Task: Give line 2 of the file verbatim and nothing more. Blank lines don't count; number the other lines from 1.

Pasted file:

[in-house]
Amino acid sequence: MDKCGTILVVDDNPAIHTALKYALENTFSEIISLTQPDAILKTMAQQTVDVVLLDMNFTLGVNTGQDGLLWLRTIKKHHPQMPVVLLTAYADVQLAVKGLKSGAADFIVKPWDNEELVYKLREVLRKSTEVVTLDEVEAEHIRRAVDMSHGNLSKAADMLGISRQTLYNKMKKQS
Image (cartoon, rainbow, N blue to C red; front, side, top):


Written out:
Amino acid sequence: MDKCGTILVVDDNPAIHTALKYALENTFSEIISLTQPDAILKTMAQQTVDVVLLDMNFTLGVNTGQDGLLWLRTIKKHHPQMPVVLLTAYADVQLAVKGLKSGAADFIVKPWDNEELVYKLREVLRKSTEVVTLDEVEAEHIRRAVDMSHGNLSKAADMLGISRQTLYNKMKKQS